Woman living with disability left unchecked for two days in Auckland before being found dead

By Sarah Keszler of 7news.com.au

A woman living with a disability was found dead after being left unchecked by support workers for two days.

Ruth Finau, an intellectually disabled woman living in supported accommodation provided by Spectrum Care, was left unchecked for two days before staff discovered her dead in bed. Photo / Supplied

Ruth Kathleen Toka, 30, was discovered at her support accommodation in South Auckland a day after staff first found her lying in bed and thought she was sleeping.

coroner has found that staff did not attempt to wake her, fearing she would be “angry” due to a history of aggressive behaviour and left.

When she was still lying in the same position the next day, they discovered she had died.

Toka, also known as Ruth Finau, was supported by Spectrum Care who would cook meals, clean and provide medication, including epileptic and diabetic medication, daily to Finau, who also had an intellectual disability.

Coroner Tania Tetitaha criticised the standard of care Finau received, finding she died suddenly from sudden unexpected death in epilepsy in July 2021, and that she had not had her medication.

“The post-mortem report shows Finau was not taking her anticonvulsant medication,” Tetitaha said in her findings.

“I have concerns about the standard of care Finau received whilst resident at Spectrum Care services.”

Tetitaha said there was no formal monitoring being undertaken to make sure Finau was taking her medication, and said evidence indicated staff were “reluctant to actively monitor Finau due to aggressive behaviour”.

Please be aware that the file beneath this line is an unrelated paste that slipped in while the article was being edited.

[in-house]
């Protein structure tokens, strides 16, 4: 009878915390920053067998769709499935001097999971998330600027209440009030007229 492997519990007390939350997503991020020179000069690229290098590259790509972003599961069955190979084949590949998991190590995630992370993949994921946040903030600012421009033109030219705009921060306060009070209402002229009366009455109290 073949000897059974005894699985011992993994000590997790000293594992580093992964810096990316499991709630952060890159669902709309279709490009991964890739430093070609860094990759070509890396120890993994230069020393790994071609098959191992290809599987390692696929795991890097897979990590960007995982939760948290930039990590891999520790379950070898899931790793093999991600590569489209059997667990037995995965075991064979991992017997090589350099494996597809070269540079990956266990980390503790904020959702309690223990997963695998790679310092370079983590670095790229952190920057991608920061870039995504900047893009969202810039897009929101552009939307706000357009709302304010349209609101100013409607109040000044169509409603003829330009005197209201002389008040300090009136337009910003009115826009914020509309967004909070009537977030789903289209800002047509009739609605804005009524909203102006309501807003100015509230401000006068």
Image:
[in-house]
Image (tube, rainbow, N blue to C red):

“Due to fears of aggressive behaviour, staff also allowed Finau to remain in her room unchecked for two days between 18 and 20 July 2021,” she said.

“Given she had epilepsy and was known to be at times medically non-compliant, regular physical checks on her welfare should have been undertaken.”

Spectrum’s communication and marketing manager Justin Walsh told New Zealand Media Entertainment (NZME) that Finau had been strongly committed to managing all aspects of her life, including her medications, and that no one can be forced to take their medication in the absence of a compulsory treatment order.

Finau’s brother Jonathan Toka told NZME his sister’s death was “shocking” and that the corners findings had contradicted those of Spectrum Care, who had told his family his sister had died of natural causes.

Spectrum Care services were encouraged to undertake an internal audit of their care of Finau, with the coroner referring the case to the Health and Disability Commissioner.

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